Alone Together Series 2 Episode 5: Face Masks

Masks on the mind and on our faces we hope....

Welcome to the fourth Laudable newsletter, and if you haven’t noticed it’s Friday which means two things: new Laudable podcast episodes, and time to relax and start the weekend!

This week, it is me, Morven McIntyre, who will guide you through all things Laudable: whether that’s discussing what’s coming soon, or having a look at what’s out right now - with a Scottish twist, of course!

The summer seems to have gone in a flash, and suddenly it is turning autumnal. Autumn is one of my favourite seasons: a time for hot drinks and cosy jumpers.

It also may have something to do with the fact that it’s my birthday in October. We actually have two October birthdays amongst our Laudable producers: myself and Matt Millard. It’s not quite a prerequisite amongst the producers like having the surname of the letter ‘M’ though.

Alone Together: Face Masks

We are all adjusting to a ‘new normal’ and this includes wearing face masks in public places, such as supermarkets, hairdressers and shops. It seemed strange at first and not everyone was keen after we were previously told by the government that they were non-essential at the start of the Covid-19 pandemic.

To breakdown the government messaging and guidelines and separate facts from falsehood, I spoke to Simon Kolstoe, senior lecturer at the University of Portsmouth and an academic in evidence based healthcare.

Dr Simon Kolstoe

He explained that wearing a face mask or face covering is essential to preventing the spread of the virus.

“The scientific evidence of wearing a face mask is uncontroversial. There is plenty of evidence from other studies that wearing a face mask does prevent infection and is helpful when prevention control is an issue.”

He is also the chair of an ethics committee, and therefore looks at how the government messages have been received by the public. He explains that poor government messaging prevented the public from understanding the arguments for wearing a face mask.

“If the messaging had been this is not about protecting yourself this is about preventing the spread of an infectious agent and therefore any face covering is going to limit the spread of it. People who might think a face mask is a poor substitution for personal protective equipment are probably the ones less likely to wear one. I think the messaging has played a massive role in determining who does and who doesn’t wear these masks.”

Dr Kolstoe was also on hand to give some mask wearing advice. He argues that the government's specification of wearing a mask based on location was misinformed. Currently masks are worn in different indoor settings - for example, in a shop but not in a pub. He advises masks should be worn at all times in a crowded space unless you are eating and drinking.

When checking the effectiveness of home made masks he advises doing ‘the candle test’ which involves wearing a face mask and trying to blow a candle out, if the candle can’t be blown out then it’s effective. Other key factors of a good mask include being well fitted and being made up of different fabrics.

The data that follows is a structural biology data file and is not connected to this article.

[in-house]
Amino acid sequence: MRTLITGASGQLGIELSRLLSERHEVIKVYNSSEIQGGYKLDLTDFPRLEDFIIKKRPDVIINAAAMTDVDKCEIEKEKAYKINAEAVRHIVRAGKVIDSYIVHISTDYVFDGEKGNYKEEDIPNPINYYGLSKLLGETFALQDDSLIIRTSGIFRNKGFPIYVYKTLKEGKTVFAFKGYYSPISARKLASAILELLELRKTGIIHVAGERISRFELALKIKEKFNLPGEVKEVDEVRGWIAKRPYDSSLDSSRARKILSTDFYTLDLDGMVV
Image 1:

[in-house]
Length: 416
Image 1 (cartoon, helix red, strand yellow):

Listen to the full episode

Pioneering People

Pioneering People is a podcast that explores entrepreneurship in a new way with an informal and conversational style.  I talk to entrepreneurs who have become pioneers in their industry and carved their own path to success. The 8-part series features guests including tech gurus and social entrepreneurs. The series debut was in April with Homeless World Cup founder, Mel Young.

Homeless World Cup founder, Mel Young in the Edinburgh studio in January

Guests share tales of early life experiences, what shaped their ambitions, and how they became entrepreneurs in their field and get to know the person behind the business. 

I am currently working on Series Two, where I will talk to a diverse group of entrepreneurs and explore what role their businesses will play in this post-Covid world. Many of them have a new found purpose and will be part of the solution to current problems.

That’s what I love about the podcast the most: the ability to have solution-based conversations with people on a wide range of issues, from climate change to making better products for women. As Sarah Ronald, founder of Nile, who was a guest on Series One, remarked:

“To be an entrepreneur you need to be an eternal optimist.”

Look out for more optimism in Series Two, something we all crave in a pandemic.

Listen to the series here

The Edinburgh Briefing

The Edinburgh Briefing is a podcast that offers a deep dive into the biggest stories from Scotland’s capital. Hosted by Edinburgh Evening News reporter Conor Matchett, the show takes the format of a panel discussion about one key issue every week, featuring the reporters who cover the story and guests like councillors or columnists.

From controversial council decisions to new venues opening, the Edinburgh Briefing delves into the issues locals care about the most.

On a personal note, it was great to be the runner-up Podcast of the Year at the 41st Annual Scottish Press Awards. It was the first show I worked on as a Laudable producer and to have it recognised at such a prestigious award ceremony was an honour.

The show wouldn’t be what it is without Conor Matchett’s natural hosting abilities and going forward we hope to evolve it into a Scottish politics show.

The first series had 15 episodes and ran from December 2019 to March 2020, so be sure to check it out if you like Scottish politics or Edinburgh-based news.

Listen to the series here

I hope you enjoyed this week’s newsletter and as always our podcasts are here to keep you company rain or shine but if you live in the UK- let’s face it- mainly in the rain. We will see you again next Friday with more about our latest episodes, as well as taking a look back at some of our highlights so far.

Happy listening!

-Morven McIntyre